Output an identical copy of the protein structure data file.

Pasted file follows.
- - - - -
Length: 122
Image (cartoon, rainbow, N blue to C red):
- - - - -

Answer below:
Length: 122
Image (cartoon, rainbow, N blue to C red):